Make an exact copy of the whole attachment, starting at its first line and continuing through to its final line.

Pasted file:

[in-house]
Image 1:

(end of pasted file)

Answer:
[in-house]
Image 1: